Films about the world and occupants of stand-up comedy are a tricky proposition, and they need to succeed on two levels that would seem to be at cross purposes. On the one hand, you’d expect a film like director Taylor Hackford’s The Comedian to be funny. It’s about funny people who make a living being funny. And in the case of the lead character of Jackie Burke (Robert De Niro), he made a nice bit of scratch thanks to a successful 1970s sitcom “Eddie’s Home,” which seems to be an “All in the Family” ripoff, with Jackie playing a politically incorrect patriarch. On the other hand, you want films about comedians to be authentic, which is not always funny since every day seems like a struggle to stay relevant and employed—an especially tough combo when you’re 25-30 years beyond what is considered your peak. Jackie still gets recognized all over his native New York City, but when people call out his name, they usually say “Hey, Eddie!”
If The Comedian had stuck strictly to the story of a nearly washed-up comic attempting to work the circuit of nostalgia acts, seedy bars, retirement homes, and hosting internet game shows, that might have been quite movie. But Hackford and his army of screenwriters (including Art Linson, roastmaster Jeffrey Ross, Richard LaGravenese and Lewis Friedman) also want us to laugh occasionally, which is a noble desire, but it sometimes undercuts the dramatic struggle elements of the story. To make matters worse, they insert an unnecessary and distracting love story involving a woman named Harmony Schiltz (Leslie Mann), who Jackie meets at a soup kitchen both are working at as part of their community services requirements (Jackie punched a heckling audience member and got jail time).
But before the romance kicks in, the film starts strong. Hackford surrounds De Niro, who is quite convincing as a foul-mouthed shock comic, with actual comedians, some of whom are meant to make his situation look just a little bit more pathetic. There’s a gig made up of comic of old sitcoms, including Jimmie Walker and Brett Butler. But there are also trips to the legendary Comedy Cellar, where we see real-life manager Estee Adoram at a table with regulars like Hannibal Buress, Jim Norton, Nick Di Paolo, and others. We see a few lesser-known comics on stage absolutely kill, and we begin to appreciate just how much fine tuning needs to go into the acts that play this hallowed hall. (Fans of Louis CK’s show “Louie” should be very familiar with the venue.)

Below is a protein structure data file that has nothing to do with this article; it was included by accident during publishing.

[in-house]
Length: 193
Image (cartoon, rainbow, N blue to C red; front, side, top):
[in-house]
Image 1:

The first half of the film is virtually storyless, which is a good thing. It’s more an examination into Jackie’s day-to-day living, talking to his manager (Edie Falco), who is actually the daughter of his original manager and whom Jackie doesn’t think is pulling hard enough for him. We see Jackie visit his brother Ben (Danny DeVito), a deli owner whose wife Flo (Patti LuPone) hates Jackie but whose daughter worships him and asks him to give a toast at her wedding, which causes friction among all in attendance. The film reveals that sometimes what makes a comic hot in the moment is a complete accident, like a viral YouTube video or something like the punching incident. It’s a total crapshoot, and one Jackie has little control over. He just does what he does, and the rest of the world either keeps up or they don’t care. A meeting with an up-and-coming network to develop a new sitcom idea goes well until Jackie decides the hipsters in charge are smug little bastards.
When the love story kicks in, the film loses its charm as a slice-of-life character study and degrades into a subpar romantic-comedy. Things only get worse when she drags Jackie to meet her Florida real estate dealer/mobster Mac (Harvey Keitel), who is the world’s biggest fan of “Eddie’s Home.” Naturally, the meeting is a disaster, despite the fact that audiences should be loving the De Niro-Keitel reunion. For reasons I’m not quite clear on, Hackford brings in other former De Niro co-stars—Billy Crystal and Charles Grodin—for cameos in separate scenes that simply come up empty.
A third-act development involving the relationship with Mann and an unexpectedly high-profile performance at an old-age home seem forced and phony, and the film’s few good qualities evaporate as suddenly as they appeared. De Niro gets points for seeming surprisingly at home in the stand-up environment and mixed it up nicely with the real comics that surround him. It becomes almost more frustrating that the film starts so well, then slowly sinks into easy jokes and clichéd gimmicks as it sputters toward its cutesy conclusion. The Comedian has the earmarks of something really strong, but like most things today, it plays it safe and he end results are astonishingly mediocre.